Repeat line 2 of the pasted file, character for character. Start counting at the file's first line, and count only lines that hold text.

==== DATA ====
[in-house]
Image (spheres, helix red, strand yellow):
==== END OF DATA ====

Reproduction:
Image (spheres, helix red, strand yellow):